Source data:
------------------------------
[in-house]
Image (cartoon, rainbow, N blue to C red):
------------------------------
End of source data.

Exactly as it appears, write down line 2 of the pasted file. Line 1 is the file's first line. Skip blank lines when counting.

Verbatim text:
Image (cartoon, rainbow, N blue to C red):